Saturday, 9 January 2016

Dependency Injection: Don't Overdose!

I first encountered dependency injection, a pattern that implements inversion of control for resolving dependencies, when I was investigating the web application frameworks available for Java and decided to go with Spring (of course J2EE has dependency injection as well). When you start off with a golden hammer like dependency injection, suddenly every one of your software development challenges looks like a nail. And, as you would expect, all the books and documentation encourage this, although I suspect not consciously.

Dependency injection is a fantastic tool if you have multiple components you want to bring together to form a myriad of different applications. The perfect example is of course the Spring framework, because it is exactly that and dependency injection works very well in that context (no pun intended).

However, dependency injection should not be your default pattern for every project and if you are using it in a project, you should only use it when it’s really needed. Don’t load every object in your application into the container, you don’t need to.

Dependency injection is great for reducing the dependencies between components in your application and for allowing you to plug custom components into frameworks, as well as many other things, but one way or another it adds a further level of complexity to your application. Most dependency injection frameworks use either one or more files containing something like XML or a declarative method using something like annotations directly on classes to build the container at runtime.

Each method has its own drawbacks. With XML files you have a second place, other than your code, to understand and potentially to debug. With the declarative method you have no easy overview of exactly what is going into the container at runtime and you have to be careful about objects being instantiated and injected unintentionally.

And of course over full containers can result in very slow application startup and tests. If you have to fire up the dependency injection runtime and load objects into it every time you run a test it makes your tests slower and more complicated. Then you won’t run them or maintain them.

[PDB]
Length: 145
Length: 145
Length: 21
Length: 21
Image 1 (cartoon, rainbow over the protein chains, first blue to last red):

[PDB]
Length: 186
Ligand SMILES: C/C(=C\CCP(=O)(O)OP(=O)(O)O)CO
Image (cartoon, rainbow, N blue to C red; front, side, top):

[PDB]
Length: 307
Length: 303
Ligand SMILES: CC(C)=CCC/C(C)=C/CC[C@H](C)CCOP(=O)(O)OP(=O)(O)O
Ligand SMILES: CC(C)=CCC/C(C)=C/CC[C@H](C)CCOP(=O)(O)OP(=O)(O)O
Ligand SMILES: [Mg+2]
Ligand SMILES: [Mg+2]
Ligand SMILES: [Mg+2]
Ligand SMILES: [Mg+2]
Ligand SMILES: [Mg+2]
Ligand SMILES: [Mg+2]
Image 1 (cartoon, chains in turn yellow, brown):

So what’s the solution? As the ‘Effective’ series of programming books are so fond of saying, be judicious. When you’re tempted to put an object into your container, first consider whether it really needs to be there. It might be better served, for example, being orchestrated with other objects behind a facade which is loaded into the container if necessary. That way you’ll find yourself with simpler code which is easier to maintain and test and it may just even perform a bit better at runtime.

1 comment:

  1. I think you're mixing up two separate aspects here: Dependency Injection as a design principle and the usage of container frameworks that help you get code that was written using this example to run. The latter is a totally optional thing to do.

    Dependency injection is not about creating pluggable components: it's about writing testable code. To achieve that, code needs to expose it's dependencies (collaborators) publicly — read: expose constructor arguments. This technique removes the responsibility of providing these collaborators to the entity that creates instances of your classes and basically implements the SOC principle as the class responsibility gets reduced to only using the collaborators, not obtaining them.

    This approach basically externalizes the responsibility to create instances of your classes and you now face the choice of writing this creating code yourself — which is perfectly fine and actually the way you'd do it anyway in unit tests — or by outsourcing that responsibility to 3rd parties as the general mechanism of wiring objects is a rather technical aspect, repetitive and usually results in code not core to the domain you're actually tackling.

    Different DI frameworks have different histories and philosophies in how they interact with the codebase they manage and thus also shape the design quality of the code users write when working with them. According to the theoretical foundations described above, a good DI container will has to provide two fundamental means:

    1. Means to define which classes shall be managed by the container.
    2. Means to define how those classes express dependencies to other components.

    With the current Spring Framework generation 1. is usually comprised of a set of base packages to scan for classes with an annotation. The latter aspect can be replaced by type matches or naming conventions, too, so that the code managed doesn't even have to know about the container managing it.

    2. Is currently achieved by annotating a constructor with either @Inject or @Autowired. Spring 4.3 will be able to detect a canonical constructor in case only one is available anyway.

    What I am basically trying to get to is that a good DI container will not trick you into some container specific way of designing components but actually leverages well-designed code — immutable classes, that expose their dependencies as constructor arguments — and can work with it. So it's the class' design that matters, no matter if we talk about entities, value object or service classes that will end up being managed by a container.